Category Archives: Admissions

So Apparently Wesleyan is “Economically Diverse”

Paying tuition never looked so bucolic

Paying tuition never looked so bucolic

Please put your iPhone back in your Patagonia sweatshirt pocket for a second. Apparently it’s time to rethink the idea that the Wesleyan student body is entirely made up of students from upper-class families, at least according to new data from the New York Times. In conjunction with an article on colleges recruiting from an increasingly diverse set of economic backgrounds, the Times has published a chart comparing the economic diversity of various schools. And Wesleyan has come out at number 13 on the list.

The chart ranks colleges according to a College Access Index, which is based on the percent of the past few freshman classes who came from low-income families (measured by the share receiving a Pell grant) and on the net price of attendance for low- and middle-income families. The data states that 18% of freshman classes arriving 2012-14 have received Pell grants, and that the average cost for low- and middle-income students is $8,700 a year. This gives Wesleyan a College Access Ranking of 1.5, putting us below Amherst and above Williams, for reference.

Forbes College Rankings Come Out, Suddenly We Care Because We’re No. 15

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For those of you who haven’t been following the buttload of obnoxious college rankings that come out every August/September, you’re in luck: Wesleyan is faring pretty damn well. A couple of the highlights and interesting tidbits:

1. Forbes ranked Wes number 15 on its 2014 list of best colleges in America. Impressive colleges we’re ranked higher than include Dartmouth, Northwestern, Columbia, Duke, and University of Chicago. Cue the awkward moment this summer when I used “So we beat you in the Forbes rankings” as a conversation starter with a current Dartmouth student. Whoops.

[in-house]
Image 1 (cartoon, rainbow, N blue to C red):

The Myth of the Little Three: Are College Rankings Killing Wesleyan’s Culture?

BADGE!

Do you ever get the feeling Wesleyan is having a little bit of an identity crisis?

There’s a good chance that my ‘ideal’ Wesleyan doesn’t look exactly the same as yours; our concerns and tastes are different, as are our experiences here. But it is likely that the things you love most about Wesleyan are unique to it, are not quantifiable, and are not things that are in step with success as defined by any rankings algorithm. I’m serious about Wesleyan dropping out of college rankings like US News. Reed College president Colin Diver explains in a 2005 Atlantic article that “one-size-fits-all ranking schemes undermine the institutional diversity that characterizes American higher education…(as) The urge to improve one’s ranking creates an irresistible pressure toward homogeneity, and schools that… strive to be different are almost inevitably penalized.” In my opinion, Wesleyan students have been struggling against that subtle pressure in different ways for years now.